In their world, it’s all about making each other rich, and that’s the right thing to do. That’s why they’re in government. What was behind Bush’s pathetic attempt to privatize Social Security but a massive planned handout of play money to Wall Street? And hey, as long as Halliburton and Bechtel and Blackwater are making money out of the Iraq War, why the hell call it off? So a few thousand poor grunts die in the process, so what?
Dick Cheney’s recent conversational to-and-fro with a reporter bears repeating.
Reporter: “Two-thirds of the American people think the war in Iraq wasn’t worth fighting.”
Cheney (big smile): “So?”
Reporter (shocked): “So? You don’t care what the American people think?”
Cheney: “No. I think you can’t be blown off course by the fluctuations in the public opinion polls.”
There you have it. That’s the responsible-to-nobody arrogance of the American CEO in a nutshell.
Bill Clinton had all the character of a dry cow dung patty, but Bush-Cheney went one further: they’re bad characters. One can characterize the Bush presidency as a timeline of little lies, medium lies and whoppers, starting with lying us into a war that even Bush doesn’t remember why he started. Also, we now know that Cheney, Rumsfeld, and fellow-travelers Condi Rice and Colin Powell actually sat around in meetings after 9/11 deciding what methods of torture should be used on any terrorists they caught. Nobody, it appears, for a moment said: “Hey, guys, what the hell are we doing? This is wrong. We’re Americans, not the Spanish Inquisition. We shouldn’t let the terrorists make us as bad as they are.” No. In fact, Cheney told the media we have to “work the dark side.” In other words, we have to do knowingly wrong.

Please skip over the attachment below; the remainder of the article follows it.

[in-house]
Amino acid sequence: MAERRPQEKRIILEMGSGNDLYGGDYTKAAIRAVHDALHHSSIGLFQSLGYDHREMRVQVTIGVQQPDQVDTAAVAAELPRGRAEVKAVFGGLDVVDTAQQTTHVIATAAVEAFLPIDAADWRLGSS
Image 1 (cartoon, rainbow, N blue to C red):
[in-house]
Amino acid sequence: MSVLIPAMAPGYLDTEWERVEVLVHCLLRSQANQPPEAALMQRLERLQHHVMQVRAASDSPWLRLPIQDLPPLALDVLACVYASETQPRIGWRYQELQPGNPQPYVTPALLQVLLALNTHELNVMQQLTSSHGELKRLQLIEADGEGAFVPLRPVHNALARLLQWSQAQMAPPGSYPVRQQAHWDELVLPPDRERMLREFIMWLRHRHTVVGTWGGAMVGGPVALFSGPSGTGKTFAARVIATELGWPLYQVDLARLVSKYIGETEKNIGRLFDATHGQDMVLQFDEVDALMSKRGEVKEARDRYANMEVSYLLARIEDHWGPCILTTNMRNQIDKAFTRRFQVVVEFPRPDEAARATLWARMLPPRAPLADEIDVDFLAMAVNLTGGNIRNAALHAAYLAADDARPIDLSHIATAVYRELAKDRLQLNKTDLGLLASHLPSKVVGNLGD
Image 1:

An insight into Bush’s character is revealed in General Sanchez 'new book, where he remembers this outburst from Bush giving a confused pep talk to his top generals and national security people:
“Kick ass! If somebody tries to stop the march to democracy, we will seek them out and kill them! We must be tougher than hell! This Vietnam stuff, this is not even close. It is a mind-set. We can’t send that message. It’s an excuse to set us up for withdrawal. There is a series of moments and this is one of them. Our will is being tested, but we are resolute. We have a better way. Stay strong! Stay the course! Kill them! Be confident! Prevail! We are going to wipe them out! We are not blinking!”